6. Document, Document, Document! Build a habit around documenting important law firm priorities, initiatives, and decisions that emerge from the management process; if these things aren't documented then they won't have a shelf life beyond the meeting itself. Also, if something isn't important enough to write down and circulate to a broader population of business owners, then it's not important enough for them to take seriously.
  7. Maybe Khrushchev Had Something. You may recall the then Soviet leader Nikita Khrushchev banging his shoe on the dais at the UN to make a point that he repeated annoyingly non-stop. In most all broadcast communications MPs should mention "often and loudly" the few animating priorities the firm is pushing, and tie back the subject of the communication to those few priorities. At the risk of predictability, MP messaging should build a bridge between what the MP is asking the owners to do today (or over a multi-year period) and the well settled priorities the firm is driving.
  8. Democratic Management & "Ideation." Firm partners can be a great source of "ideas" that have real durability and viability. When business owners feel they have been heard, they are also more likely to get behind the collective priorities that come from the small leadership group.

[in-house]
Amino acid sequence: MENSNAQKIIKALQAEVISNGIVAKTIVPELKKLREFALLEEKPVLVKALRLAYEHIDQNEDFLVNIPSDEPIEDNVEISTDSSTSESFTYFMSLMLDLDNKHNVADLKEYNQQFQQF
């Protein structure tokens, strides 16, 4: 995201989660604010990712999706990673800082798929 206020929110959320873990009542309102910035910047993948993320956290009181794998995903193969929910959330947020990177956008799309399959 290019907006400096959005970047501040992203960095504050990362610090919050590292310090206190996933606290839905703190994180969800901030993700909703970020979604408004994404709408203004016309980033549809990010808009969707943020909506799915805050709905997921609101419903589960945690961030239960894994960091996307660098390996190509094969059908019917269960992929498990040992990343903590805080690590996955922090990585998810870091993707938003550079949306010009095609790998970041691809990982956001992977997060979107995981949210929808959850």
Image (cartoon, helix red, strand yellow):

In This Issue
Doug Richardson talks about artificial intelligence and the future of the legal profession.
Bithika Anand explores new models of equity structuring in law firms.
Michael J. White offers tips on building a "managerial culture."
  Gerry Riskin

Gerry Riskin 





Ed Wesemann



Pam Woldow
Doug Richardson 

John Plank 

 John Plank







New York,

Ft. Lauderdale, 

Mike White

Of Counsel 

Legal League Consulting, LLC  
Delhi and Mumbai,
At The Podium: Upcoming Appearances by Edge Partners 


NOVEMBER, 2014  

Nick Jarrett-Kerr, Nov. 4

Workshop: Duties in Partnerships and LLPs. Association of Partnership Practitioners. Royal Bank of Scotland 280 Bishopsgate, London


Bithika Anand, Nov. 7 

Conference: The Convergence of Business and Law Think|Manage|Lead. Trident, Nariman Point, Mumbai 

Nick Jarrett-Kerr, Nov. 7

Lex Mundi Knowledge Management Roundtable. Maclay Murray and Spens LLP, London  


Jordan Furlong, Nov. 18 

Virtual Presentation: Legal Futures Conference, Era of the Entrepreneur




Gerry Riskin, Jan. 30  

The Westin, San Francisco CA. St. Frances on Union Square. Keynote: Wayne Hyatt Lecture Series

"Anticipate the Future: Thriving in Spite of Extreme Changes in the Legal Profession" 

Edge Blogs

Jordan Furlong's  



Ed Wesemann's Creating Dominance


Pam Woldow's At The Intersection


Gerry Riskin's Amazing Firms, Amazing Practices
Nick Jarrett-Kerr's NJK